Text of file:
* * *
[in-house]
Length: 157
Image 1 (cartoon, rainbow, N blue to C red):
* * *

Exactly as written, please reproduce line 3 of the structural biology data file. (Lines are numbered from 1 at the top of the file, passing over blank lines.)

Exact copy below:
Image 1 (cartoon, rainbow, N blue to C red):